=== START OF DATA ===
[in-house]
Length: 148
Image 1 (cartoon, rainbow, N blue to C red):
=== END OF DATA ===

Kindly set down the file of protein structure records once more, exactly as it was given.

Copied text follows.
[in-house]
Length: 148
Image 1 (cartoon, rainbow, N blue to C red):